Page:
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The in vivo tissue effect of endoscopic balloon-based radiofrequency ablation in treating esophageal squamous cell neoplasia

The in vivo tissue effect of endoscopic balloon-based radiofrequency ablation in treating... BackgroundEndoscopic radiofrequency ablation (RFA) is a rapidly evolving therapeutic modality for early flat esophageal squamous cell neoplasms (ESCNs). However, the in vivo tissue effects of RFA on the esophageal wall are uncertain.MethodsWe prospectively enrolled eight patients with flat-type early ESCNs who were treated with balloon-based RFA. We evaluated the in vivo tissue effect on the esophagus using endoscopic ultrasound (EUS) and the histology of retrieved coagulum.ResultsThe mean tumor length was 6.1 cm, and six of the eight patients achieved a complete response after primary RFA. Real-time evaluation of the tissue effect showed that the mucosa and submucosal layer were more edematous and thicker after RFA than before the procedure (mean 4.89 vs. 2.04 mm, p<.001), suggesting that the thermal effect of RFA may injure the submucosa. Histological evaluation of retrieved coagulum showed a severe cauterization (burning) effect with extensive cell necrosis; however, four cases had some residual viable neoplastic cells. Even though there were viable cells in the sloughed coagulum, half of the patients still achieved complete remission after RFA.ConclusionsOur findings suggest that the thermal effect of RFA may injure the submucosal layer and enable neoplastic epithelium to slough off without “burning.” http://www.deepdyve.com/assets/images/DeepDyve-Logo-lg.png United European Gastroenterology Journal SAGE

The in vivo tissue effect of endoscopic balloon-based radiofrequency ablation in treating esophageal squamous cell neoplasia

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References (21)

Publisher
SAGE
Copyright
© Author(s) 2018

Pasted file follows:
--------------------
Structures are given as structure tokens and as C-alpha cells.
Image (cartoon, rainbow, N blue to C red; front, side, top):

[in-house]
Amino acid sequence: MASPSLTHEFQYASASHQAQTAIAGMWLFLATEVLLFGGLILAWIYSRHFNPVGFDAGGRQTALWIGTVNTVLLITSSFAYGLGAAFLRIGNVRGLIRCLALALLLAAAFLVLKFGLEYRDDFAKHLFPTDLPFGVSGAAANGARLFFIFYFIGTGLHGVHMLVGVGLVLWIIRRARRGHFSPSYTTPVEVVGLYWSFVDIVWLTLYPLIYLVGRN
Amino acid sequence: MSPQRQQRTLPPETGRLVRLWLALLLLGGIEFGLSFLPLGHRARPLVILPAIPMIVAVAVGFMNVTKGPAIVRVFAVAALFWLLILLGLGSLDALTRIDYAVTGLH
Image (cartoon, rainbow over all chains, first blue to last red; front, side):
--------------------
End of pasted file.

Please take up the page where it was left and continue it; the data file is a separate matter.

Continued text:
ISSN
2050-6406
eISSN
2050-6414
DOI
10.1177/2050640618755236
Publisher site
See Article on Publisher Site

Abstract

BackgroundEndoscopic radiofrequency ablation (RFA) is a rapidly evolving therapeutic modality for early flat esophageal squamous cell neoplasms (ESCNs). However, the in vivo tissue effects of RFA on the esophageal wall are uncertain.MethodsWe prospectively enrolled eight patients with flat-type early ESCNs who were treated with balloon-based RFA. We evaluated the in vivo tissue effect on the esophagus using endoscopic ultrasound (EUS) and the histology of retrieved coagulum.ResultsThe mean tumor length was 6.1 cm, and six of the eight patients achieved a complete response after primary RFA. Real-time evaluation of the tissue effect showed that the mucosa and submucosal layer were more edematous and thicker after RFA than before the procedure (mean 4.89 vs. 2.04 mm, p<.001), suggesting that the thermal effect of RFA may injure the submucosa. Histological evaluation of retrieved coagulum showed a severe cauterization (burning) effect with extensive cell necrosis; however, four cases had some residual viable neoplastic cells. Even though there were viable cells in the sloughed coagulum, half of the patients still achieved complete remission after RFA.ConclusionsOur findings suggest that the thermal effect of RFA may injure the submucosal layer and enable neoplastic epithelium to slough off without “burning.”

Journal

United European Gastroenterology JournalSAGE

Published: Jun 1, 2018

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